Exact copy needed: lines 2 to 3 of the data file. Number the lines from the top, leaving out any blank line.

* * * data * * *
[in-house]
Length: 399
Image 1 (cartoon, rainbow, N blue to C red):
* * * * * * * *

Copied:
Length: 399
Image 1 (cartoon, rainbow, N blue to C red):